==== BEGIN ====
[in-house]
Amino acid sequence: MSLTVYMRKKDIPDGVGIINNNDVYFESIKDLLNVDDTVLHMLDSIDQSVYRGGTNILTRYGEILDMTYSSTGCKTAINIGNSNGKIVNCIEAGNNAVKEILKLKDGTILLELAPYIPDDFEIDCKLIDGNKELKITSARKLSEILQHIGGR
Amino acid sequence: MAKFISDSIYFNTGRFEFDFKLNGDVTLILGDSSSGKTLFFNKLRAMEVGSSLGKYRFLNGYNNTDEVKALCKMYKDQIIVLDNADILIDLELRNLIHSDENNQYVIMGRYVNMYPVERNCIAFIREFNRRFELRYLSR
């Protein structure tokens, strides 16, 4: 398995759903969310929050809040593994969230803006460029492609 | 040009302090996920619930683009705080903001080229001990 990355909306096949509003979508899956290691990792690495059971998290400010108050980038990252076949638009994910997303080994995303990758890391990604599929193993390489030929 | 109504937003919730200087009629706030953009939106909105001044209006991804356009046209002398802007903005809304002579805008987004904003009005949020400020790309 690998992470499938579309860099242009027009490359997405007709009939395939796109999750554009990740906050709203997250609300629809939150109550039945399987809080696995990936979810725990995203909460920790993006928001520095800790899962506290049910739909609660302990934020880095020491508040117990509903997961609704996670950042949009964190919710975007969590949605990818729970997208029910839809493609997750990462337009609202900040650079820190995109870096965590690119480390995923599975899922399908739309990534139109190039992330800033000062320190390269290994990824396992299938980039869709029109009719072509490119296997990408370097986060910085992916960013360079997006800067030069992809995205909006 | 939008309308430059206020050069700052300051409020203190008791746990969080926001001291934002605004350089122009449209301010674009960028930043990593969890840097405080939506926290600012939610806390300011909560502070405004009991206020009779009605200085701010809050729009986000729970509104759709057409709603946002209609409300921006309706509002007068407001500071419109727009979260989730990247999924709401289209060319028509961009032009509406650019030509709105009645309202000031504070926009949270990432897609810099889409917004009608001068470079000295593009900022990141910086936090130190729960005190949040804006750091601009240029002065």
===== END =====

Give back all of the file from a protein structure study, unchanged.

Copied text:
[in-house]
Amino acid sequence: MSLTVYMRKKDIPDGVGIINNNDVYFESIKDLLNVDDTVLHMLDSIDQSVYRGGTNILTRYGEILDMTYSSTGCKTAINIGNSNGKIVNCIEAGNNAVKEILKLKDGTILLELAPYIPDDFEIDCKLIDGNKELKITSARKLSEILQHIGGR
Amino acid sequence: MAKFISDSIYFNTGRFEFDFKLNGDVTLILGDSSSGKTLFFNKLRAMEVGSSLGKYRFLNGYNNTDEVKALCKMYKDQIIVLDNADILIDLELRNLIHSDENNQYVIMGRYVNMYPVERNCIAFIREFNRRFELRYLSR
């Protein structure tokens, strides 16, 4: 398995759903969310929050809040593994969230803006460029492609 | 040009302090996920619930683009705080903001080229001990 990355909306096949509003979508899956290691990792690495059971998290400010108050980038990252076949638009994910997303080994995303990758890391990604599929193993390489030929 | 109504937003919730200087009629706030953009939106909105001044209006991804356009046209002398802007903005809304002579805008987004904003009005949020400020790309 690998992470499938579309860099242009027009490359997405007709009939395939796109999750554009990740906050709203997250609300629809939150109550039945399987809080696995990936979810725990995203909460920790993006928001520095800790899962506290049910739909609660302990934020880095020491508040117990509903997961609704996670950042949009964190919710975007969590949605990818729970997208029910839809493609997750990462337009609202900040650079820190995109870096965590690119480390995923599975899922399908739309990534139109190039992330800033000062320190390269290994990824396992299938980039869709029109009719072509490119296997990408370097986060910085992916960013360079997006800067030069992809995205909006 | 939008309308430059206020050069700052300051409020203190008791746990969080926001001291934002605004350089122009449209301010674009960028930043990593969890840097405080939506926290600012939610806390300011909560502070405004009991206020009779009605200085701010809050729009986000729970509104759709057409709603946002209609409300921006309706509002007068407001500071419109727009979260989730990247999924709401289209060319028509961009032009509406650019030509709105009645309202000031504070926009949270990432897609810099889409917004009608001068470079000295593009900022990141910086936090130190729960005190949040804006750091601009240029002065």